Hippogriff's Aerie

Apparitions of Imagination

A Tip of the Hat and a Moment of Silence for Leverage

Leverage-Season-3Leverage was a show that I initially saw ads for, but the ads didn’t pique my interest, and so I passed on it the first two seasons. When two different friends recommended that I should watch the show, I decided to pick up the first season on DVD. From the first episode I became hooked. Marathon viewings, including the purchase of season two on DVD while recording season three on the DVR at the same time, helped me catch up quickly, and I followed seasons four and five in real time.

With ample action, humor, and twisting plots, Leverage was kind of a cross between the A-Team, Oceans 11, and Mission Impossible. The plot involved a group of criminals used their talents to help people out of seemingly hopeless situations, with the underlying season-long plot thread of either being chased by authorities or facing down big boss criminals. With a stellar ensemble cast led by Oscar-winner Timothy Hutton, recurring guest appearances by Wil Wheaton, Jeri Ryan, Mark Sheppard, Richard Chamberlain, and Tom Skerritt, and with special guest appearances by Danny Glover, Saul Rubinek, Ronnie Cox, Fred Ward, Adam Baldwin, and Treat Williams, Leverage also boasted appearances by several recognizable character actors as well, and some episodes were directed by Jonathon Frakes. The show was filmed in my hometown of Portland, Oregon…although the series was initially portrayed as taking place in Boston, the fifth season had them actually “in” Portland, as the owners of the Bridgeport Brewery and brewpub, where many of the season five scenes were filmed.

Leverage executive producer Dean Devlin wrote an open letter to fans announcing that, due to the uncertainty over whether the show would be renewed, he and series co-creator John Rogers “decided to end this season with the episode we had planned to make to end the series, way back when we shot the pilot.” And sure enough, the December 25th episode became the end of the series when TNT decided not to renew the show for a sixth season. Even though I enjoy the characters, with excellent performance from the cast, the series did suffer from uneven writing, at times even being silly or boring. But when Leverage was good, it was outstanding. Even at its worst, Leverage was entertaining due to said character performances, and better than many shows on TV, including the fake reality TV shows (which is almost all of them) that seem to be the trend today. I’m sad to see it cancelled.

I liked watching the scenes to see if I could figure out where in Portland it was being filmed. Each season finale was usually the best episode of the season, with misdirections, red herrings, and seemingly impossible situations…sometimes these were cliff-hangers, and sometimes they were wrapped up neatly. At times it became a chore to watch Hutton’s character, Nate Ford, struggle with a drinking problem, but he (almost) always delivered a solid performance (he had trouble with a few accents). Gina Bellman, who I had seen a few times on the British series Coupling, showed great range as an actress in her role as a grifter. Beth Reisgraf’s character, Parker, showed the most growth of any character over the five-year run, which laid the groundwork for the series finale, though I expect another year would have developed this more without such an abrupt transition. And Christian Kane (who played Elliot, the muscle) developed his side career as a country music singer.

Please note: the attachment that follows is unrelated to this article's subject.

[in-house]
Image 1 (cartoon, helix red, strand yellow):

Here’s a brief list of some of my favorite episodes…

Season One

The First David Job and The Second David Job: a two-part season finale that involved the company responsible for the death of Ford’s son. Introduces Mark Shepherd as Jim Sterling.

Season Two

The Two Live Crew Job: the Leverage team must battle another team that is a mirror images of themselves. Features Wil Wheaton as a rival hacker.

The Three Strikes Job and The Maltese Falcon Job: another two-part finale where the team takes on a corrupt mayor while trying to elude the FBI & Sterling, who now works for Interpol.

Season Three

The Inside Job: Parker goes missing when trying to steal something for her mentor, Archie Leach (played by Richard Chamberlain).

The Rashomon Job: each team member discovers they once all tried to steal the same priceless artifact.

Season Four

The Cross My Heart Job: the team pulls off a con to recover a stolen heart transplant while they are stuck in an airport.

The Radio Job and The Last Dam Job: Nate Ford’s dad Jimmy Ford (played by Tom Skerritt) gets in over his head on a heist and Nate must go against his father. Brings back a few previous guest stars such as Wil Wheaton, Saul Rubinek, and Richard Chamberlain.

Season Five

The D.B. Cooper Job: the team follows the legend of D.B. Cooper, shown as flashbacks in which the cast portray a different set of characters. Great guest appearances by Ronnie Cox and Fred Ward.

The Rundown Job: the team tries to stop a terrorist from releasing a chemical weapon, with a guest appearance by Adam Baldwin.

The Long Goodbye Job: the series finale, with a case connected to Ford’s son’s death and an appearance by Agent Sterling. A nice way to end the series.

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January 1, 2013 - Posted by | tv shows

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